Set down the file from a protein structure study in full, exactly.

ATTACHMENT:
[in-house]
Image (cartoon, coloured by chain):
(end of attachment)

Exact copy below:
[in-house]
Image (cartoon, coloured by chain):